Kning Disk: beautiful Swedish design
Posted on 19 January 2008
The other day, a package arrived in the post. It was a gift from a friend to say thanks for an album cover I recently designed for his band, and inside it were four CDs released by Kning Disk, each one in some kind of interesting, card-based packaging. Before I even played the music I fell in love with the CDs, because of the way the packaging was designed and how it worked, and it inspired me to create a new blog category (or series) called ‘design inspiration’. Welcome to the first post in that series!
You see, I often find inspiring bits of design and feel frustrated that it’s not being seen by as many people as possible. This packaging is a prime example of that; not that it’s earth-shatteringly different, but its hand-made feel and attention to detail make it stand out. In this world of MP3s and music collections on hard drives, it’s testament to the power of packaging that these CDs are still sitting on my desk a week after receiving them. Sure, I ripped them to iTunes straight away, but the important thing is that they haven’t yet been filed away in a box along with the rest of my collection – they’re on my desk because I love looking at them. They’re beautiful artefacts and – because of their limited run, hand-made approach – there’s something personal about them.
James Blackshaw: Walking Into Sleep
Despite utilising some textbook Scandinavian über-minimalism, this package is striking in its simplicity. For a start there’s no text on the front cover, and the reverse is as plain as can be: an artist and title, plus some small print and a barcode being the sole occupants of a plain white back cover. But this cover is split into two; its top half overhangs the bottom to hide the opening, and – when opened – we realise there are no joins on the entire package: the whole thing is one piece of card.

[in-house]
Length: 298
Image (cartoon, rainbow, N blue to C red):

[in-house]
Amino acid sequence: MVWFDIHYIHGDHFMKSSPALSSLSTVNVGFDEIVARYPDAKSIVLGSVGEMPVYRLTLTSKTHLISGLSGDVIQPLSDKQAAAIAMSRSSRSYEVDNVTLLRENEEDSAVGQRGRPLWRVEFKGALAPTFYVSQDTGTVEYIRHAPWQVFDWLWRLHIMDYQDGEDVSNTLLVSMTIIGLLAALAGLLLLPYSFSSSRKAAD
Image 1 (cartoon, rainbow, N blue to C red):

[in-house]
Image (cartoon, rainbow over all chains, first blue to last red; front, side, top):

The interior mirrors the exterior by placing one image in the central square and flanking it above and below with two large white spaces, on the lower of which reside some liner notes. The disc itself floats freely within the open package, but sits inside a soft fabric sleeve. Mmmm. Cosy!
Balroynigress: Shampoo & Champagne
The second most striking package again uses subtle plays on the standard card folding and scoring we’re used to. The entire sleeve is made out of one piece of heavyweight paper but the purposefully shallow trim on one of the edges means the interior artwork shows through to the exterior. Nice! The paper then folds out to first reveal an inner section of credits and a photograph, before opening out fully to reveal one giant montage image (the one that shows through to the cover), with lyrics and the liner notes on the reverse.
On one face sits a small circle, on which the CD itself is mounted. It’s a fragile package and one that reflects the quiet intensity of the music contained within.
Erik Enocksson: Färval Falkenberg
Following a slightly more traditional format, this album – printed on a lovely uncoated stock like the ones above – opens out to a double gatefold layout. One ‘pocket’ contains the disc while the other contains a staple-bound, 12-page booklet consisting entirely of full-bleed photographs. The inside and back covers of the card packaging place text on plain white pages to avoid any kind of clutter. It’s a technique seen before on the James Bradshaw album and reminds me of traditional book design.
Various: Whispers From The Forests, Screams From The Mountains (New Suggestions For The Swedish Flora And Fauna)
Wow, what a great title! ‘Whispers…’ is a compilation co-released by Häpna, Ideal Recordings and Kning Disk, and was given away to subscribers of The Wire magazine. The layout style of Mattias Nilsson – who designed all of these packages bar the one for Balroynigress – becomes even more clear as white card and blocks of text dominate this release. A single, text-less image adorns the cover of this package, which is the most regular (but still beautiful) layout of the four albums: a standard gatefold, with the disc sitting inside one of the two pockets. The sleeve I designed for a friend’s band (for which I received these discs as thanks) also uses this format, so I’m really looking forward to seeing how that turns out.
And what about the music?
Oh yes, that was pretty good too! But it was the packaging design that first caught me eye, and it has continued to do so. Although this is probably the most design-indulgent post I’ve ever written, I hope you it gives you guys a feel about what this packaging is really like, and I hope that showing Mattias Nilsson’s (and others’) work here will allow it to reach, influence, and inspire many more people. Let the geekness ensue!